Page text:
Thirsty again1 The Israelites left Sin Desert. They stopped to camp whenever the LORD told them to. They camped at Rephidim, but there wasn’t any water in the area. 2 The people complained to Moses. They said, “Come on, we’re thirsty. Give us some water.” Moses said, “Why are you complaining to me? And why are you testing the limits of the LORD?”
3 But the people wouldn’t stop griping because they were thirsty. They said, “Why did you bring us this far from Egypt? To kill us and our kids and our livestock? Did you bring us here to die of thirst?” 4 Moses prayed to the LORD, “What am I supposed to do with these people? They’re on the verge of stoning me.”
Water from the rock5 The LORD told Moses, “Take some of the elder leaders of the people on a walk. Take them ahead of everyone else. And carry your walking stick, too. The one you used on the Nile River. 6 Walk to Mount Sinai. I’ll be standing by a rock there. Hit the rock with your walking stick. When you do, water will burst out and the people can drink it. Moses did what the LORD said, as the leaders watched.
7 Moses named the site Pushy Complainers. That’s because the people tested the limits of the LORD and complained by asking, “Did the LORD come with us, or not?”
Battle of the Amalekites8 A group of Amalekites attacked the people of Israel while the Israelites camped at Rephidim. 9 Moses told Joshua, “Pick some men and go fight the Amalekites tomorrow. I’ll stand on top of the nearby hill, and I’ll hold the walking stick that God has used to help us before.”
10 Joshua did what Moses said. Joshua and his men fought the Amalekites, while Moses stood on top of the hill, along with Aaron and Hur. 11 When Moses held up his hands, Israel outfought the Amalekites. But when he dropped his hands, Amalekites started to win. 12 When Moses got too tired to hold up his hands, the others brought him a stone to sit on. While he sat there, Aaron and Hur, helped him hold up his hands—Aaron on one side and Hur on the other. They kept his hands raised high all day, until sunset. 13 Joshua led Israel to a battlefield victory over the Amalekites.
14 The LORD told Moses, “There’s something I want you to put in writing so people will remember it. And I want you to read it back to Joshua. Here it is: I’m going to erase the very memory of Amalek. One day, no one in the world will remember it anymore.” 15 Moses built a stone altar and he gave it a name: I Fly the LORD’s Flag. 16 Moses explained, “Amalek has declared war on the LORD. So the LORD will fight the Amalekites from one generation to another, for as long as it takes.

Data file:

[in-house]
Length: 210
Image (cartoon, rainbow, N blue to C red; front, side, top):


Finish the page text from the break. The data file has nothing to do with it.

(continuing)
Location of Rephidim is unknown. But it seems to have been close to Mount Sinai, because Moses walked from Rephidim to Sinai to get water from a rock there.
Literally, “Horeb,” another name for Mount Sinai. This was “God’s Mountain” (Exodus 3:1), where God would give Moses the Ten Commandments (Exodus 20:2-13).
One survival trick in the Sinai deserts is to look for moisture in the cracks of the rocks. Springs sometimes lie under soft limestone rocks in the region. A hard tap on the rock can crack it open and reveal the water below. Sometimes, water sits inside a hollow cavity in the rock, making the rock a bit like a stone canteen.
The two Hebrew names were Massah, meaning “test,” as in getting pushy with God, and Meribah, meaning “complain,” “argue,” or “fight.”
Amalekites were nomads and raiders, as portrayed in stories of the Bible—archenemies of the Jewish people. They would later raid and pillage Israelite towns in the time of Israel’s heroic judges, such as Gideon and Samson (Judges 3:13, 6:3, 33). Centuries later, Haman, a descendant of Amalekite king Agag (Esther 3:1), tried to launch a holocaust of the Jews throughout the Persian Empire. Queen Esther managed to convince the king to stop him. The king executed him.
This is the Bible’s first mention of Joshua. Moses picks him to create and command the Israelite militia. Joshua will succeed Moses in another 40 years, and lead the Israelites on their invasion of Canaan, now known as Israel and the Palestinian Territories.
Hur was an associate of Aaron (Exodus 24:14) and possibly the grandfather of Bezalel (Exodus 31:2), the man in charge of building Israel’s most sacred object: the gold-plated chest called the Ark of the Covenant, which held the Ten Commandments.
The Hebrew term is Adonai-nissi, and it’s more commonly translated “The LORD is my banner.”
The quote from Moses is vexing. Scholars take their best educated guess at interpreting what he’s saying. The Bible’s last mention of the Amalekite people as a nation reports that an Israelite militia destroyed the last remnant of their survivors (1 Chronicles 4:42-43).
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